Backyard Buddies
Seed giving grasses

Photo: Rexness

Seed giving grasses

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Native grasses play an important role in many habitats and they can in backyards too. Native grasses provide shelter from predators for many small creatures like finches and skinks, attract insects for other creatures to eat, and provide food in the form of seeds for many birds and other buddies.

Plant some native seed grasses under trees, shrubs and plants, and in empty areas of your backyard. If you do, you will soon be seeing plenty more butterflies, birds, skinks and other creatures.

There are varieties of native grasses to suit every climate. They are a great addition to your garden and can be easily grown from seed with a little care and patience. Seeds are most successfully germinated in small pots or tubes and covered with a little potting mix, or you can buy the grasses from your local native nursery and plant straight into the ground. 

Some good seed giving grasses include:

Common Wallaby Grass - Danthonia tenuior. This grass will attract finches and other seed-eating birds like rosellas and some parrots. It grows in: Western Australia, Victoria, Tasmania, New South Wales, and South Australia.

Wallaby Grass - Danthonia caespitosa. This grass will attract finches and other seed-eating birds like rosellas and some smaller parrots. It also attracts skinks and wombats.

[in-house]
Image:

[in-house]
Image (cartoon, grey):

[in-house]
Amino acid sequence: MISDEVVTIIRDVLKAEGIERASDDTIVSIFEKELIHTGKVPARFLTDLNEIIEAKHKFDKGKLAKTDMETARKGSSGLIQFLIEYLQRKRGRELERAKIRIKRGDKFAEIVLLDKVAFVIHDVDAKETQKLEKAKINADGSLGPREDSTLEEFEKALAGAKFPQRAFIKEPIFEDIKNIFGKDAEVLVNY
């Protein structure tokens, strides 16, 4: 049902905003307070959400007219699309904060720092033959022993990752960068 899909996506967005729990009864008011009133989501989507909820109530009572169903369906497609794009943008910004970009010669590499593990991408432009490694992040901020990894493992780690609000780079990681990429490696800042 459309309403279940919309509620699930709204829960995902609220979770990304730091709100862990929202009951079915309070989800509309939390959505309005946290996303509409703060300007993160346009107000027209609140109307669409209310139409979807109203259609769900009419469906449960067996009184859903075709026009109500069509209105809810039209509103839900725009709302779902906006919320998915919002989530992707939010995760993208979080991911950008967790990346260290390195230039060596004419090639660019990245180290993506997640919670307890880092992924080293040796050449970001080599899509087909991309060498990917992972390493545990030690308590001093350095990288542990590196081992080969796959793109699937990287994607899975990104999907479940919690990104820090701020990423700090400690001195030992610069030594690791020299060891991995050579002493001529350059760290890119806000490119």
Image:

Weeping Grass also known as Meadow Rice Grass - Microlaena stipoides. This grass provides food for the larvae of many different kinds of butterflies. It will also feed small seed-eating birds such as the Turquoise Parrot. It grows in: eastern Queensland, eastern New South Wales, eastern & southern Victoria, Tasmania, south-eastern South Australia, and south western Western Australia.

Tussock Grass - Poa labillardieri. This grass provides food for butterflies and seed-eating birds, as well as the occasional kangaroo or wallaby. It grows in: Queensland, New South Wales, Victoria, Australian Capital Territory, Tasmania, and South Australia.

Kangaroo Grass - Themeda australis. This grass provides food and a place to lay eggs for many butterflies. It also feeds seed-eating birds, such as finches and parrots, including the Ground Parrot. It is widespread across Australia.

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Photo: OEH